Word on the street is that Concur won a low-ball contract for federal government travel. Still a 15-year exclusive contract to handle all travel for 70 federal government civilian agencies, from the State Department to the Commerce Department, amounts to big bucks for Concur, and Carlson Wagonlit has a lot to lose by being shut out.
Carlson Wagonlit Travel is suing the federal government over the General Services Administration’s decision last year to award a 15-year, $1.3 billion government travel contract to just one provider, Concur, Skift has exclusively learned.
In suing the United States government over the contract to handle the travel of 70 civilian government agencies. CWT Sato Travel alleges that the GSA award was an “unlawful decision” that leaves Concur with no incentive to improve services or lower prices.
“Winner-take-all single-award scenarios are by definition non-competitive,” the suit alleges.
The bid-protest complaint, in which Concur subsequently became a “defendant-intervenor” to protect its commercial interests and reputation, actually was filed October 18, 2012, but hasn’t been publicized until now. A hearing in the U.S. Court of Federal Claims in Washington, D.C., is slated for February 14.
The dispute revolves around the new, Web-based ETS-2 (E-Gov Travel Services 2.0) online booking system.
It is a a successor to ETS1, which had CWT and Northrup Grumman providing 70% of the travel management services to federal government civilian agencies, along with EDS as the third provider. CWT, with Northrup Grumman as a partner, was the only other bidder, besides Concur, but the GSA “erroneously” found that only Concur was “qualified and capable of performing the work,” the suit alleges.
CWT alleges that the federal government is obliged to award at least two contracts for projects worth more than $103 million, and the GSA arbitrarily invoked an exception.
CWT cites its own 8-year experience handling EST1 and alleges that Concur has no experience integrating its travel management services with federal government agencies, and will “require a substantial learning curve.”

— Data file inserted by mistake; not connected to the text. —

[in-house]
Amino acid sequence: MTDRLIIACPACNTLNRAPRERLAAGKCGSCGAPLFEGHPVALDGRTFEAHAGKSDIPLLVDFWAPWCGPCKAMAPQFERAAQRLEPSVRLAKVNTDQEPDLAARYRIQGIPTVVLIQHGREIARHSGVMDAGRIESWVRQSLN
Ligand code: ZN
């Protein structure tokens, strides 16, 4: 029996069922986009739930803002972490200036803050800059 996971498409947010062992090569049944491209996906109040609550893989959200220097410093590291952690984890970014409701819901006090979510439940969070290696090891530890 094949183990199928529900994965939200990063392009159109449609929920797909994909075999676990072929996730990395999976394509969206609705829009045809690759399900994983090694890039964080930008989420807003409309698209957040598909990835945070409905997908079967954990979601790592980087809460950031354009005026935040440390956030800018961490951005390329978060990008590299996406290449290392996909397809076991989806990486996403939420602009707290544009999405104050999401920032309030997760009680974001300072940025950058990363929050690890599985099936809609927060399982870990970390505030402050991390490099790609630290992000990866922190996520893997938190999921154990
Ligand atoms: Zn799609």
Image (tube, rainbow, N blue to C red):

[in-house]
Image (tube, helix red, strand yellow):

CWT seeks judgments declaring that the GSA’s action was unlawful and unfair, requiring that a second contract for EST2 be awarded to CWT.
The lawsuit comes as Concur proceeds with migrating federal government agencies to EST2 — with CWT among three travel management companies losing the work.
Concur is the sole contractor to power federal government civilian agencies’ online booking, voucher processings, and travel authorizations through the new system.
In a conference call detailings its fiscal first quarter earnings earlier this week, Concur stated that it had expected to sign the first federal agency contracts in the second half of 2013, but that “a number of agency contracts,” large and small, have already been signed, and the signings were “more than we had anticipated we would sign at this time.”
The federal government travel work isn’t expected to translate into much revenue to Concur this year, but in the future the company forecasts operating margins of 16% to 19%, and strong revenue growth in 2014.
The GSA responded to the suit with a cross-motion, but this and many other documents in the case are sealed or redacted.
The GSA didn’t immediately provide comment to Skift, and Concur referred to a statement from CEO Steve Singh in it earnings press release, which stated, in part:
“Our federal government business is off to a strong start with our first agency signings, which in combination with the continued momentum in our private sector business provides the foundation for continued strong revenue growth in fiscal 2014 and the years ahead.
CWT gave Skift a statement, which reads in part:
“We filed the lawsuit because we believe the award is inconsistent with federal law and federal procurement policy and not in accordance with the solicitation’s stated evaluation criteria and that the evaluation conducted by GSA was unfair and flawed which adversely affected the award decision.
“We strongly believe, consistent with the Federal Acquisition Regulations, that Federal agencies should have choices and enjoy the benefits of competition and multiple sources associated with an ETS-2 award to two service providers—both Concur and CWTSatoTravel.
We believe that each federal agency should have an opportunity to make task order decisions on both product quality and price as they address their unique service requirements along with those provided in the master ETS-2 solicitation.